Capsular cataracts or those just limited to the capsule are rare. With the narrow beam it will be seen that they do not invade the cortex deeply, but because of their thickness they alter the curvature of the lens by protruding slightly toward the anterior chamber (Plate LX, Figs. 3, 4, 5, <3). In contradistinction to polar cataracts they may be found outside the polar regions. The strictly hereditary forms must be differentiated from those acquired pre- or postnatally through inflammation or trauma. Capsular cataracts may be white, but frequently they are sprinkled with small pigment granules which may be found on the surrounding capsular areas as well. As in the case of polar cataracts, capsular opacities may have filaments attached to them. Filaments derived from the pupillary margin would strongly suggest inflammatory synechiae; while those from the lesser circle, a developmental aberration. As a rule capsular opacities are small. According to Koby most of these capsular opacities are produced by old synechiae of iritis occurring before or after birth. Vogt described an unusual case in which a capsular cataract developed after a perforating corneal injury in an eye that previously had welldeveloped remains of the pupillary membrane.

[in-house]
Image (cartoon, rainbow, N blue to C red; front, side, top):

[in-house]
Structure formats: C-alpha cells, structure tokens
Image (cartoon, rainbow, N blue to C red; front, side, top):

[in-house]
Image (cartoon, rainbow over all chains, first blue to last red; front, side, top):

According to RaempfFeir the size and shape of the defect depends on the number of the weakened, stretched, or absent zonular fibers. Evidently defects in the more axially inserted fibers (anterior and posterior zonuiar fibers especially the stronger anterior ones) ye liable to cause greater coiobomatous defects than the shorter equatorial ones which insert more peripherally. In the latter case depending on the size of the area involved a small notch or larger elliptical defect will result. When both anterior and posterior fibers are entirely absent in an area then retraction of the elastic lens capsule will cause a larger segment-like coloboma extending more axialward.


Fig. 1. Anterior polar and capsular cataract with reduplications. Pupillary membranes. '

Fig. 2 . Same as Figure i by direct focal illumination.

Fig. 3. Capsular opacity attached to the iris. Diffuse illumination.

Fig. 4. Same as Figure 3 by direct focal illumination. Ffigh power.

Fig. 5. Capsular opacity. Diffuse illumination.

Fig. 6. Capsular opacity, with small imprint. Direct focal illumination.

An interesting phenomenon, greatly stressed by Vogt (1917), was the presence of a shagreen-free halo surrounding capsular opacities (Vogt's sign) . He found this halo in every type of anterior capsular cataract whether congenital, or acquired through trauma or disease. It is not seen with capsular deposits, e.g., remains of the pupillary membrane. Evidently it is caused by a "level” change (characteristic of capsular opacities, or of polar cataracts involving the capsule) in the shagreen field so that specularly reflected rays at this place do not reach the observer’s eye. However, by altering the direction of illumination and observation, it is possible to obtain a shagreen in the halo (previously nonreflecting) area. With this maneuver Vogt was able to find microscopic anterior polar cataracts in the form of- dots measuring from 0.05 to i mm. Two points prove that these little dots were genuine anterior polar cataracts: (i) they were found in individuals whose siblings had anterior polar cataracts or in whom the fellow eye showed one. (2) these dots showed shagreen-free dark halos.